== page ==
Sword and the Script

What a Grumpy Cat Infographic Can Teach us About Marketing



by Frank Strong

Grumpy Cat

I had fun once…it was horrible.

Memes are big business.  If there’s any doubt a quick search of the web shows the meme phenomenon color the web, or litter it, depending on your perspective.

Marketers have taken note too.  People like pictures and people like quotes – if we put the two together we might be on to something.  If it’s truly funny or fascinating or witty, we just might see it “go viral.”

In the world of memes, Grumpy Cat is a big business.  Google displays her in the knowledge graph and she’s got her own Wikipedia page, which is apparently so coveted, PR firms will do anything for editing rights. Read More…

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Prediction 2014: The Year of Social Media Advertising



by Frank Strong

ROI of social ads

Ready or not, here come social ads…and lots of them.

eMarketer says 90% of marketers will use social media marketing in 2014.  In this case marketing increasingly means paid social media advertising.

In summary the publication writes:

Call 2014 the year of “social acceptance.” More marketers are committing budget to paid social media advertising. And social media companies are providing advertisers better targeting than ever, and more ways to see the return on investment, according to a new eMarketer report, “Social Media Advertising: Seven Trends for 2014.” Read More…

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5 Creative Marketing, PR and Social Media Ideas



by Frank Strong

creative PR marketing social media

If reading too much can suppress creative thinking, then so too can habit.  Sure, Aristotle said excellence is not an act, but a habit, but how easy is it for marketers to fall into a pattern? The same old pattern.

Patterns are predictable and measurable; but they are also avoidable. It is consumer reflex to avoid a pitch. Consider email, for example, which is easy enough to mark as spam.  What would happen if email suddenly was not a tool in the marketer’s toolkit?

I’d suggest that a freak-out session would be followed by a creative session – and perhaps even better and more creative marketing ideas. To that end, here are five creative marketing, PR and social media ideas: Read More…

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Persuasion Theory: Power of a Story



by Frank Strong

persuasion theory

We remember stories (Photo: Flickr).

We see it a lot in corporate presentations:  slides that are heavy on text, but light on stories.  Presenters end up reading slide to a literate audience.

To be fair, businesses aren’t unique: you haven’t lived until you’ve sat through the tedium of a military briefing, especially those for “Command and Staff” or a CUB or a BUB or pick your pain.

Some of the most painful meetings I’ve ever had have been conducted in uniform – and unfortunately – I have at times served as chair for some of those. You can’t change the world in one rotation.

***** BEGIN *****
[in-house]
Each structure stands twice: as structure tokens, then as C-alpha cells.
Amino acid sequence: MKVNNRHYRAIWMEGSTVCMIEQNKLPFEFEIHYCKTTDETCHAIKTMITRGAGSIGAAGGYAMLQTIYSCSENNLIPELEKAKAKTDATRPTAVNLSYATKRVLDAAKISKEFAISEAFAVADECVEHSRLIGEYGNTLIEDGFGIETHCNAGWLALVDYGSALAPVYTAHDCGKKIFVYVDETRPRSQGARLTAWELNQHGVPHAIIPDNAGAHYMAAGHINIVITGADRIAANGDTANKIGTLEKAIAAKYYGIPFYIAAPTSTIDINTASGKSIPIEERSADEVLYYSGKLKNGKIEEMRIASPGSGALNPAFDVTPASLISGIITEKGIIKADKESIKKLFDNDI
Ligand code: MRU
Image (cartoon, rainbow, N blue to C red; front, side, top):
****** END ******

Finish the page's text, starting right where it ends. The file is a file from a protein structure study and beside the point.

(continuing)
I’ve always found that presentations are most effective when they are heavy on images, have just enough content to hint to the audience as to the context, but mostly rely on the speaker to tell the story.

Think about some of the presentations from the big names in marketing and PR: Stratten, Shankman, Solis, or Scott. The key note presentations these people give are often based on slide desks with more images than words.  They use anecdotes to make points. Read More…

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The Biggest Twitter IPO Story the Media Completely Missed



by Frank Strong

Tweetoro, twitter IPO,

Forrest for the trees? Not one story in Google News search about Tweetoro — the online stock trading company with a promoted tweet the day Twitter went IPO.

It would seem to me that a creative PR idea for a company that allows people to trade shares online, would be having the foresight to place a promoted tweet on the day Twitter launched its IPO.

The surprising fact however is none of the big electronic trading companies were on point. Companies like Charles Schwab, TD Ameritrade and E*Trade, who should have all over this opportunity were not.

Instead, a company we never heard of, with 258 followers on Twitter, called Tweetoro, was savvy enough to purchase a promoted tweet on Twitter’s big day.

There must be a gazillion news stories about this company, right?  Nope.  As the screenshot of Google News shows nearby not a single news story about Tweetoro.  Not one. Read More…

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Off Script #5: John Barnett; PR, Twitter, and a Navy Master Chief



by Frank Strong

John Barnett PAO PR

John Barnett: What a retired Navy Master Chief and PAO can show us about the power of Twitter and resiliency in PR. (Photo: Twitter profile)

I don’t remember when I met John Barnett, but I’m pretty sure I know where I met him.  We met on Twitter, perhaps two or three years ago, but have never quite gotten past 140 characters.